Energy – Changes to Native Vegetation Clearance Exemptions in SA
On 1 July 2017, the current Native Vegetation Regulations will be revoked and replaced by new Regulations. The existing exemptions that are commonly relied upon by developers of energy projects have been altered and the layout of the Regulations has been restructured. This Alert explains the key changes that will impact the clearance of native vegetation for the construction of energy infrastructure such as wind farms, solar farms, electricity generation plants, battery storage, substations and power lines.
The Native Vegetation Regulations 2003 (SA) currently set out limited exemptions for clearance of native vegetation in South Australia. On 1 July 2017, these regulations will be revoked and replaced by the Native Vegetation Regulations 2017 (SA).
The current regulations provide that clearance of native vegetation for specified purposes is exempt from the requirement to obtain approval from the Native Vegetation Council (NV Council) under the Native Vegetation Act 1991.
Currently, clearance of native vegetation associated with construction of wind farms, solar farms and other electricity generation plants, battery storage facilities and ancillary infrastructure such as substations, roads and power lines, is commonly undertaken by way of exemptions that apply to clearance that is incidental to:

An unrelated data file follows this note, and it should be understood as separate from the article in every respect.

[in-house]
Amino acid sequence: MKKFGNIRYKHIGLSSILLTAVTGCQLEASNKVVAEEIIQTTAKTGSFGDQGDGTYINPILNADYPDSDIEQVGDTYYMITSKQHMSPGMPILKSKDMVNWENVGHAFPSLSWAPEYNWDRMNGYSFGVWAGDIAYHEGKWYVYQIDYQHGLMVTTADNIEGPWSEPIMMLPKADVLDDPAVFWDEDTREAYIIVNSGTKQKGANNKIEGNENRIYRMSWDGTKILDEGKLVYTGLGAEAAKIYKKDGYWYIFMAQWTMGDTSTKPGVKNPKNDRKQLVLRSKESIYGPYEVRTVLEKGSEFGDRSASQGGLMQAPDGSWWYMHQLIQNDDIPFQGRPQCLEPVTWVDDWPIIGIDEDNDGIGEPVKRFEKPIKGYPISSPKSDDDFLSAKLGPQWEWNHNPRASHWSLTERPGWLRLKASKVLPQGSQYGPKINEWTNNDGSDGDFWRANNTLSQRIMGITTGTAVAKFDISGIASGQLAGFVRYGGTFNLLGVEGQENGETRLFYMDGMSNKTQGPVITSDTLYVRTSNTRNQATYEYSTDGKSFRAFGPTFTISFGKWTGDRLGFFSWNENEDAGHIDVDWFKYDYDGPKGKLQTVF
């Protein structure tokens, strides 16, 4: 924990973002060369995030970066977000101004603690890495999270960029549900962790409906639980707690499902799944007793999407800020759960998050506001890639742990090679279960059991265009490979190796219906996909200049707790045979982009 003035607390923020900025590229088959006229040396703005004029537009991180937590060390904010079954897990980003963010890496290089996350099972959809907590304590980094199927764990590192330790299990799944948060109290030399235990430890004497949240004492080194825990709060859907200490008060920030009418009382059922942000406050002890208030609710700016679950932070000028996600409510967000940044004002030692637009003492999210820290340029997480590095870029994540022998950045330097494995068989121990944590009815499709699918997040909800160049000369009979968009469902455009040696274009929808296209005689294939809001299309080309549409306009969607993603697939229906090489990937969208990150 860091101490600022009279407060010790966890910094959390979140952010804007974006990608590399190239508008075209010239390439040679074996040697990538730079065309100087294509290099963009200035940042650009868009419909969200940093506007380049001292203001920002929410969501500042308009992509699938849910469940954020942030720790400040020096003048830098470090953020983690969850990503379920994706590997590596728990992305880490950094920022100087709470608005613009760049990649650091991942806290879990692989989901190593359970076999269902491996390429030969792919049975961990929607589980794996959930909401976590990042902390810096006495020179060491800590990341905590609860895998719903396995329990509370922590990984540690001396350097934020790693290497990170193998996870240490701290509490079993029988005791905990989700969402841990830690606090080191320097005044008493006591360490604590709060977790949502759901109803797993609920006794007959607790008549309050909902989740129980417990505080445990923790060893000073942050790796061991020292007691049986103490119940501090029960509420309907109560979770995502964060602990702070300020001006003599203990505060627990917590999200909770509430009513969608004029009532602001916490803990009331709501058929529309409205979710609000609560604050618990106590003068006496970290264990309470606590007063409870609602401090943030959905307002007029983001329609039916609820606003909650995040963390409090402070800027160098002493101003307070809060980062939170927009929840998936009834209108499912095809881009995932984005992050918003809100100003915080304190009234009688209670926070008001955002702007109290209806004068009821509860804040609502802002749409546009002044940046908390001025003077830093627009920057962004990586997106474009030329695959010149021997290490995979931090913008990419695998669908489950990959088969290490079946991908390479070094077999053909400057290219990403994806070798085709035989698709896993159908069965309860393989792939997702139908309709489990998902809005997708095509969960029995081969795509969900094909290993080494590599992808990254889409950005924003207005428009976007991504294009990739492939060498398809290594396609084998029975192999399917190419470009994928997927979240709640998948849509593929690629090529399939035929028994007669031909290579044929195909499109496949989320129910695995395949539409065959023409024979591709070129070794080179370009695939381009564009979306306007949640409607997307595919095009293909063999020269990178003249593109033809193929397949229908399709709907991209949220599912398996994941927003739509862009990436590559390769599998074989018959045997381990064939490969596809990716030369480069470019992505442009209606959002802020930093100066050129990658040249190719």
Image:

- an approved Major Development [r5(1)(c)];
- provision of infrastructure or services approved under the Development Act 1993 [r5(1)(d)];
- development otherwise approved under the Development Act 1993 [r5(1)(da)];
- repair or maintenance work of an electricity entity, or as part of the duty of an electricity entity under the Electricity Act 1996 [r5(1)(f)]; or
- establishing or maintaining access tracks [5(1)(t)].
These exemptions have, in principle, been retained in the 2017 Regulations. However, it is important to note the new restrictions that have been imposed.
The existing exemption for clearance of native vegetation that is incidental to an approved Major Development is retained as regulation 13 and clause 27 of Part 4 of Schedule 1 to the 2017 Regulations.
As per the current regime, the new exemption requires the clearance to be undertaken in accordance with a management plan approved by the NV Council that results in a ‘significant environmental benefit’ (unless a payment has been made into the Fund).
Importantly, however, a new time limit will be imposed on undertaking permitted clearances in accordance with a management plan approved by the NV Council. Regulation 21(2) of the 2017 Regulations provides that the clearance must be commenced within 2 years of the day on which the plan is approved, and undertaken within the time frame specified in the plan.
If a company makes a payment into the Native Vegetation Fund, no management plan to achieve a significant environmental benefit is required. In those circumstances, it appears that the time limit will not apply to the clearance.
Infrastructure, services and other approved development
The existing exemptions for clearance in connection with the provision of infrastructure or services, and clearance incidental to development approved under the Development Act 1993, have been replaced with a requirement to either obtain written approval from the NV Council or clear in accordance with an approved standard operating procedure.